THE FEDERAL government needs to honour the aged care royal commission chair's legacy by acting on the inquiry's interim report, an advocate says.
Richard Tracey QC spent the last weeks of his life finalising the report while being treated for terminal cancer in the US, where the 71-year-old died on October 11.
National Seniors Australia chief advocate Ian Henschke said the government must take heed of Thursday's interim report to ensure Mr Tracey's legacy was not forgotten.
"What I would like to see is the big issues addressed and not for this report to be noted by the government," Mr Henschke told AAP.
"This is a person who served his country right up until almost the day he died and you cannot out of respect for that person say 'We'll put all this off until November next year' or 'We'll look at what he says and take it into account maybe when the budget's in better shape'.
"It's the end of his life's work but it's just the beginning of what government has to do to fix it."
Mr Henschke said aged care should be beyond politics, arguing the government and opposition should commit to fixing it even if it requires more money.
In a background paper released on Monday, royal commission staff criticised the slow and opaque responses by successive federal governments to 18 previous inquiries and reviews into aged care over the past two decades.
"The overarching question that arises is why, after all these reviews, the aged care system still fails to support an appropriate quality life for the most frail and vulnerable members of our community," the Office of the Royal Commission staff concluded.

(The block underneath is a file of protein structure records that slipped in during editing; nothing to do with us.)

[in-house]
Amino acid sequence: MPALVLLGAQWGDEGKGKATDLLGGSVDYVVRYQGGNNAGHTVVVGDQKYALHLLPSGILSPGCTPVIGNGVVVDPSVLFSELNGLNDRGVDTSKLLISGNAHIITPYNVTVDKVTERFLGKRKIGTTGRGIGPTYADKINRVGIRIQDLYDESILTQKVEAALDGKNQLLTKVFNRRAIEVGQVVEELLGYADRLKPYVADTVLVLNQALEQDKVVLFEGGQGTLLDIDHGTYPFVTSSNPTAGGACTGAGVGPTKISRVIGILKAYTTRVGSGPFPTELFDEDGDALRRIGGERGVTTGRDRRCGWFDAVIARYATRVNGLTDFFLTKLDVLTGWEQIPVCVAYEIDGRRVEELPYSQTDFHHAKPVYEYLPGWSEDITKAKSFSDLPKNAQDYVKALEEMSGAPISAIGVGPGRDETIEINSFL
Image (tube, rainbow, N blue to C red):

The interim report will contain Mr Tracey and fellow commissioner Lynelle Briggs' overall impressions of the aged care system, but any recommendations for reform are not expected until the final report in November 2020.
Mr Tracey, a former Federal Court judge, labelled aspects of the aged care system cruel and unkind.
Ms Briggs said he also encouraged her to drive their policy agenda beyond change at the margin to transformative change, given the degree of substandard care that was apparent to them.
The central issue of funding of the aged care sector has yet to be examined in detail by the royal commission.
Advocacy group COTA Australia chief executive Ian Yates expects the interim report will acknowledge the sector needs more resources, despite the royal commission not yet examining the central issue of funding in detail.
He said the report may also highlight the key issues going forward as the inquiry moves into the next phase of finding solutions to the problems in aged care.
Advocates and peak industry groups argue urgent action is needed to fix problems such as long waits for home care support for older Australians and the need for more and better trained staff as well as more funding.
Australian Associated Press
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